London: I can say with a degree of confidence that there will never be a final quite as peculiar as the one we witnessed at the Premadasa on Sunday.
West Indies were an embarrassment for the first quarter of the match, not worthy of their status as finalists, hopelessly groping against spin and medium pace alike, squeezing out 32 painful runs from 10 overs for the loss of Johnson Charles and Chris Gayle.
Then something happened. Dwayne Bravo hit a six off Akila Dananjaya. Maybe the West Indies we know and love had turned up for the match after all. Maybe they weren’t 11 clones who had forgotten the fundamentals of cricket.
But it was only when Lasith Malinga served up three juicy half-volleys in a single over to Marlon Samuels that the match turned into something resembling a competitive sporting fixture.
Even at this stage, one could hardly imagine that hours after the game we would sit around debating Mahela Jayawardene’s bowling changes, but the decision to give Malinga two more overs after that little mauling was a poor one. Samuels hit two further sixes off poor old Malinga and with a little help from Darren Sammy at the end pushed West Indies up to 137-6.
Not enough, surely not enough: who really thought Sri Lanka would fail to coast home? With the reservoirs of patience, nous, wristy skill and cold experience that Sangakkara and Mahela Jayawardene were able to provide, common sense suggested this would be a straightforward chase.
What West Indies had was a score on the board, something that Sri Lanka had to get past. It was only five runs less than the Australian women had managed, and that had been good enough – even against England’s Sarah Taylor and Charlotte Edwards.
But West Indies had to bowl and field like they had never done before, and they did just that – like they had in the Champions Trophy final in a freezing cold London in 2004. On that occasion, they had used a succession of nagging seam-and-swing bowlers in damp conditions to restrict England. Now they beat Sri Lanka at their own game, bowling them out inside 19 overs with specialist and part-time spinners.
Sangakkara and Jayawardene laid a platform, but unforgivably both got out either side of a horrible bit of cricket from Angelo Mathews, presenting his stumps to Sammy as he moved across too far and getting bowled.
The main Sri Lankan weakness for some time has been the lower middle order and it was cruelly exposed – batsmen running each other out in blind panic or succumbing to the wiles of the wonderful Sunil Narine, a bowler made for pitches like this.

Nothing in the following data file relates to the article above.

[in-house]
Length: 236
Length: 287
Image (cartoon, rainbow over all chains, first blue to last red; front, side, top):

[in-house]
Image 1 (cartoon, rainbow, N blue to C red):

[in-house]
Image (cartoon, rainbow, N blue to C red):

West Indies’ domination was so total from the 10th-over dismissal of Sangakkara that the result wasn’t really in doubt towards the finish. An astonishing triumph, and it all came down ultimately to that game-changing innings from Samuels – 56 balls, six sixes, three fours and 78 of the most priceless runs ever.
Let’s not get carried away too much. On cricinfo they liberally compared it to VVS Laxman’s epic 281 in the 2001 Kolkata Test. Er, steady on, chaps!
Still, Samuels is a cricketer who has known some difficult times. He spent two years out of the game when a lingering investigation into an illegal bookmaking racket found the Jamaican with his hand in the cookie jar at the wrong time. When he came back, he appeared to have lost his love for the game; his shots lacked the power and precision we remembered – his innings seemed to be unnaturally choked, uncomfortably restrained.
The selectors refused to give up on Samuels and he finally became the confident player of old on a Test tour of England earlier this year with three fifties and a century in the space of five innings. At 31, this naturally gifted cricketer is finally beginning to fulfil his enviable potential.
But what of Sri Lanka? I thought they’d win this quite comfortably, even without the initial West Indies go-slow. This should have been the much-needed flagship success for the post-1996 generation – a demonstration that Muralitharan, Jayasuriya and co had passed on their skills to a new batch of champions.
Alas not. They must rid themselves of the reputation that they panic in major finals, and they could probably do with unearthing two or three really good young players in the next year or so. If not, they might start to really regret missing out on all these chances.